Ending the week of latest sunsets, summer seemingly had waited for Friday evening, as a rich, warm festival of sound emanated from Richard Stolzman’s clarinet, while Rockport Music’s Artistic Director David Deveau and Yehudi Wyner took turns at the Shalin Liu Performance Center’s piano. In something of a mini-festival, the artists bounteously explored the instrumental timbres and the wonderful variety of moods possible with the combination of clarinet and piano; it constituted an intricate web of friendships through which music is composed, performed, inspired, and sustained. Featured works honored two recently deceased composer-colleagues, Peter Sculthorpe and William Thomas McKinley.
Stoltzman and Deveau opened with the first of three especially memorable moments. Songs of Sea and Sky by Sculthorpe received a dramatic reading, as though updating the piece to create an urgent plea from the Earth for succor. Stoltzman occasionally blew into the body of the piano for extra resonance, while his spectacular pianissimos with gentle vibrato were magical, as if materializing out of thin air. Deveau’s piano was lively and dynamic, and together they brought out variously shamanistic, episodic, plaintive, somber and mystical aspects.
Following a fine account of Schumann’s Fantasy Pieces for Clarinet and Piano, and preceding a virtuosic take on Hindemith’s Sonata for Clarinet and Piano, Stoltzman and Wyner spontaneously added the third movement of William Thomas McKinley’s Sonata for Clarinet and Piano. One felt that Stoltzman so yearned to pay tribute to his friend that he simply couldn’t play anything else until he had discharged his burden of love. And yet he couldn’t play it either: he couldn’t find the score which was right before him, then he couldn’t find his breath, being overwhelmed with emotion. When McKinley’s Largo doloroso filled the hall, every note was saturated with beauty, grief and love. It was rapturous, powerful, sustained by Wyner’s firm brotherly piano. Stoltzman transmitted his love and admiration for McKinley to the audience, which felt honored and grateful to be included in such intimacy.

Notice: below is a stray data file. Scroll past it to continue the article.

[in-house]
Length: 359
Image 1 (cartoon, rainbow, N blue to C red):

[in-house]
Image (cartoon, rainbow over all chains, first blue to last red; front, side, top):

The experience of intimacy brings us to the third undisputable highlight—Wyner’s Commedia for Clarinet and Piano, composed at Stoltzman’s request in 2003 and dedicated to him and Emanuel Ax. Commedia is a brilliant and singularly serious meditation on intimacy. Starting with an outpouring rush of notes diving into an enormous crush of vicious chords in the piano, it soon opened into a mysterious space where courage, exposure, discovery, hesitation and risk define the miraculous resources of intimacy. Wyner’s masterful use of counterpoint (perhaps honoring his teacher Hindemith?) allowed
both instruments to thrive in mutual communication by each acknowledging the other’s irreducible otherness. Alterity was not shunned, it was recognized and embraced. The piece communicated directly, like an arrow to the heart, leaving no doubt that intimacy constitutes the greatest challenge and the greatest achievement of a human life. Wyner’s subtle phrasing of his own notes emphasized what is distinctive about his work: there is no trace of sentimentality. His every precisely crafted and strangely indestructible note seems hewn from granite and diamonds. Wyner seems to say that, like the best music, intimacy is hard-won. Coming after Commedia, Brahms’s late Sonata in F Minor for Clarinet and Piano, which looks back on a lifelong friendship with Clara Schumann, took on a deeply human timbre: “Mortal, guilty, but to me the entirely beautiful.”